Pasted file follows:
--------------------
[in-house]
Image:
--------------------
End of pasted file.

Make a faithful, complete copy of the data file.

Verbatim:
[in-house]
Image: